CRI offers a standard Emissions-to-Liquids (ETL) plant design with nominal 50,000-100.000 ton/yr methanol production capacity. The standard design can also be adapted to larger or smaller scale, depending on client requirements. Together with clients we identify opportunities, we perform preliminary or detailed feasibility studies, engineer, build, commission and operate methanol production plants based on our Emissions-to-Liquids platform.
CRI provides the system on a turn-key basis, including all major systems such as electrolysis or hydrogen capture (PSA), carbon capture, compression, catalysis and distillation. The systems are built under CRI’s supervision, with all engineering, system integration and commissioning provided by CRI. CRI provides software for the control and automation of the plant, trains operators and implements safety and maintenance systems. The client retains a license for the operation of the plant and CRI also provides a long term service contract.
CRI provides all required equipment, including electrolyzers, compressors, CO2 purification systems, reactors, distillation columns and storage tanks. The majority of the equipment will be delivered as pre-commissioned and prefabricated skids with piping and connections. CRI has partnered with world class companies with technologies and manufacturing capabilities in the power and chemical industries who will provide complementary technical and equipment service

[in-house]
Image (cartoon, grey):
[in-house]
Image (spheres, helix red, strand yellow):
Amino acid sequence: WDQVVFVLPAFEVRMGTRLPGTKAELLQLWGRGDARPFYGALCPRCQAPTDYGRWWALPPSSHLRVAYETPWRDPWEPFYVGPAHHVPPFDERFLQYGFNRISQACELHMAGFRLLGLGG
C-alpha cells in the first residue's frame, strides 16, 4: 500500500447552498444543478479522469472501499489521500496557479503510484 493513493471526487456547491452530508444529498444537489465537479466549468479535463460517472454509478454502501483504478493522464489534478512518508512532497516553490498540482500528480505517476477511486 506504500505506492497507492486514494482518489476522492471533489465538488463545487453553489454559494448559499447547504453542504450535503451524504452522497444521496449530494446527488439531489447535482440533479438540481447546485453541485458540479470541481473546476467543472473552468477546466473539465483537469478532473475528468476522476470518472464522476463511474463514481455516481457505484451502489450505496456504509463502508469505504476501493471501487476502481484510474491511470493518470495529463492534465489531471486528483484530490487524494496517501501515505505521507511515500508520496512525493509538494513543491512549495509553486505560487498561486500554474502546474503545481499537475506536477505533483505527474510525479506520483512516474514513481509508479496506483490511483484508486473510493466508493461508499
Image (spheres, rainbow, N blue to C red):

The ETL technology can be used in two main types of projects. When renewable sources of electricity are available, we provide equipment which produces hydrogen from water and converts hydrogen and carbon dioxide into renewable methanol. When gas rich in hydrogen is available, such as from chlor-alkali production, or coking-gas from steel manufacturing, we can provide equipment which produces low carbon intensity methanol with the same method, but substitutes hydrogen production with hydrogen capture and purification. Under normal circumstances a carbon capture system is included in the scope of the methanol plant, unless a pure stream of CO2 is already available.